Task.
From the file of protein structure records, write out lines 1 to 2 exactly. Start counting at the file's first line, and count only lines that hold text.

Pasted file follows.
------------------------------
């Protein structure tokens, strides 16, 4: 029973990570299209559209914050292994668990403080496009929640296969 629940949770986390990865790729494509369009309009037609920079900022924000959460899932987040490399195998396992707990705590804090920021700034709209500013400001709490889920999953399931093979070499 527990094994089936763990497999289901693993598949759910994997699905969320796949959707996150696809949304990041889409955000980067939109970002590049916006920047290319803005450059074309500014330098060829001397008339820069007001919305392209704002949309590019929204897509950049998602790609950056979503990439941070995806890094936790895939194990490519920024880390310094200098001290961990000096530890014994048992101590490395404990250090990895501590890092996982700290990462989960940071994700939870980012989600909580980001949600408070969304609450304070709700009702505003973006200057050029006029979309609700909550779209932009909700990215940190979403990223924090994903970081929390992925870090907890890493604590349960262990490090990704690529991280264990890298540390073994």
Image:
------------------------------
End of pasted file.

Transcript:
């Protein structure tokens, strides 16, 4: 029973990570299209559209914050292994668990403080496009929640296969 629940949770986390990865790729494509369009309009037609920079900022924000959460899932987040490399195998396992707990705590804090920021700034709209500013400001709490889920999953399931093979070499 527990094994089936763990497999289901693993598949759910994997699905969320796949959707996150696809949304990041889409955000980067939109970002590049916006920047290319803005450059074309500014330098060829001397008339820069007001919305392209704002949309590019929204897509950049998602790609950056979503990439941070995806890094936790895939194990490519920024880390310094200098001290961990000096530890014994048992101590490395404990250090990895501590890092996982700290990462989960940071994700939870980012989600909580980001949600408070969304609450304070709700009702505003973006200057050029006029979309609700909550779209932009909700990215940190979403990223924090994903970081929390992925870090907890890493604590349960262990490090990704690529991280264990890298540390073994």
Image: